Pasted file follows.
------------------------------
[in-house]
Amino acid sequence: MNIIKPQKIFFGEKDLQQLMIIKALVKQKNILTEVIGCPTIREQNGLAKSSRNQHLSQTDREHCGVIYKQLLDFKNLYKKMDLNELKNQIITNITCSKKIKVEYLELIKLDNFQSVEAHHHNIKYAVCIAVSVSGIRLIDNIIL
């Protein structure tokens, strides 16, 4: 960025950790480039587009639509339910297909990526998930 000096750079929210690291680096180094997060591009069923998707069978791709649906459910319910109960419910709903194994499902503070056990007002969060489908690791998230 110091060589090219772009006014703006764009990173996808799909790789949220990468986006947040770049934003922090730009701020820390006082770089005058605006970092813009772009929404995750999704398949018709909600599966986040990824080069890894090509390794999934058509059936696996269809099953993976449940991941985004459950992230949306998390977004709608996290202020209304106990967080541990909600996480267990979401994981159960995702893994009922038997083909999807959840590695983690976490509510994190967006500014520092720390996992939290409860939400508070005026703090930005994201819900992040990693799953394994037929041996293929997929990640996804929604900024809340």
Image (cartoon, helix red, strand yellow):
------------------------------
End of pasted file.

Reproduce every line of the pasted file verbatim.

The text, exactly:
[in-house]
Amino acid sequence: MNIIKPQKIFFGEKDLQQLMIIKALVKQKNILTEVIGCPTIREQNGLAKSSRNQHLSQTDREHCGVIYKQLLDFKNLYKKMDLNELKNQIITNITCSKKIKVEYLELIKLDNFQSVEAHHHNIKYAVCIAVSVSGIRLIDNIIL
């Protein structure tokens, strides 16, 4: 960025950790480039587009639509339910297909990526998930 000096750079929210690291680096180094997060591009069923998707069978791709649906459910319910109960419910709903194994499902503070056990007002969060489908690791998230 110091060589090219772009006014703006764009990173996808799909790789949220990468986006947040770049934003922090730009701020820390006082770089005058605006970092813009772009929404995750999704398949018709909600599966986040990824080069890894090509390794999934058509059936696996269809099953993976449940991941985004459950992230949306998390977004709608996290202020209304106990967080541990909600996480267990979401994981159960995702893994009922038997083909999807959840590695983690976490509510994190967006500014520092720390996992939290409860939400508070005026703090930005994201819900992040990693799953394994037929041996293929997929990640996804929604900024809340």
Image (cartoon, helix red, strand yellow):